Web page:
Monday, November 21, 2005

the dialectic of Camden

i read today that my adopted home, detroit, has once again lost the title of "most dangerous city" to camden, new jersey.

way to go, kwame. 2nd place again. boy, that stings.

what stings even more is that the "winning" city shares a name with my hometown:

behold, camden, maine:

every summer, the lion's and rotary clubs of camden, maine, sponsor a "camden to camden" program, similar to the fresh-air fund, where kids from new jersey spend the summer with host families in maine. i don't argue with this idea. kids in maine need to interact with peers who, let's be frank, aren't white. or upper-middle class. and, c'mon, who doesn't need to spend a summer in maine?

but then there is always the joke: so do they then send kids from camden, maine, to the crime ridden streets of camden, new jersey?

and i think that's a fine idea.

in the past few years, camden maine has experienced a rash of teen suicides in the community. it's been really sad, in part because it's a small town, but more because it's a town where nobody is supposed to be this unhappy. community meetings, interventions, and forced counseling sessions have ensued. lots of hand wringing about what might be going wrong.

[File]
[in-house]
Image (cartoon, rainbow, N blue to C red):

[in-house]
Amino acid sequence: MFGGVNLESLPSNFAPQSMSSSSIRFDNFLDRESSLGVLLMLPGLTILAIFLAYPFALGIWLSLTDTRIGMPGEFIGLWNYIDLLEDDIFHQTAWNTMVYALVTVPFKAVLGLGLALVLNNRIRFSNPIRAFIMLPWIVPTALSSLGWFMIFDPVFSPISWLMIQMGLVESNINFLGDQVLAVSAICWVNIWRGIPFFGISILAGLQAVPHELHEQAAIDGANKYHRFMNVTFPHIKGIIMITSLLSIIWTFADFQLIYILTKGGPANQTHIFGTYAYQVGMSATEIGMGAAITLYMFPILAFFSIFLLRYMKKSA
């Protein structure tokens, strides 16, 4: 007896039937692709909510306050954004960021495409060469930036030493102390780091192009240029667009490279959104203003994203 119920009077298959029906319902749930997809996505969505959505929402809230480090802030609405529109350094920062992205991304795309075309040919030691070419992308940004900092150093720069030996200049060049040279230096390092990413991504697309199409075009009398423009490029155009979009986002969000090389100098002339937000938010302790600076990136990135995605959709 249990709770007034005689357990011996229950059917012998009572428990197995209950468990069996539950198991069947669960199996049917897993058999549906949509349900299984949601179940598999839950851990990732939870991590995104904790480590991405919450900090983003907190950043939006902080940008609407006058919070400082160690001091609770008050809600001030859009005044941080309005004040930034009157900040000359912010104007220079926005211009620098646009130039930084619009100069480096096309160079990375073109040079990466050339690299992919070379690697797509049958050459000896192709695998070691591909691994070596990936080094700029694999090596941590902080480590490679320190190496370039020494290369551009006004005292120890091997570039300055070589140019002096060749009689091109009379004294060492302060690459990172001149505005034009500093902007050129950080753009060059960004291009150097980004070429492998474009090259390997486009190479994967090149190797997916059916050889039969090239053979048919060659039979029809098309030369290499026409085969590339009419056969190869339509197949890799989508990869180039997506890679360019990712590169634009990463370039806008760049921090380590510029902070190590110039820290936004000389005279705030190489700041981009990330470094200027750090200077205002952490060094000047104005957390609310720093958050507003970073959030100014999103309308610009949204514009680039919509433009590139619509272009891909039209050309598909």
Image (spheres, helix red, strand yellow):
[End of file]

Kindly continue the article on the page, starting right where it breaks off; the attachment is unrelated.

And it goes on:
well, imagine if you were trapped in disneyworld for 18 years screaming that you wanted to leave but nobody would listen to you because disneyworld is supposed to be the happiest place on earth.

i don't mean to minimize the grief of the families who have been affected by this strange phenomenon, or to suggest that they aren't paying attention to their kids. i'm positive that lots of people tried to help these kids.

but the fact remains: camden, maine is eating its young. it could be the stifling affluence, or the uncritical wholesale embrace of enlightenment values. a life based in absolute security, rationality, and reason clearly isn't agreeing with the children. remember your Adorno and Horkheimer, my friends. what did the enlightenment eventually lead to in western europe? can anyone hear me?

i'm not comparing the shoah to maine. but i am trying to point to the fact that a society, whether writ large or small, that is based on a systematic mastering of the world through prescribed steps of "knowing" leads nowhere good. because in the case of these kids, what if you "know" differently? or if you just can't seem to "know" quite right? things fall apart really quickly, and then all of a sudden everything you thought you believed begins dissolving into the ground. looking at the truth, that reason doesn't stand up to chance - that rationality doesn't beat difference - you start to disappear.

disappearing into the enlightenment. as Joelsin says, "bodies like cheap plastic, and little as they are." and all you do know is that you have to make it stop, but it keeps pushing you along. am i adequately conveying the terror?

these kids need places like camden, new jersey, to help them see that maybe they can make their knowing fit. ragged edges help with that. the smooth, polished ones? they hold you in, or they keep you out.


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